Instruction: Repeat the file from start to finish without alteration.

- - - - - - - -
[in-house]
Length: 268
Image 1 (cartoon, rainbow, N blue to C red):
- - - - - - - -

[in-house]
Length: 268
Image 1 (cartoon, rainbow, N blue to C red):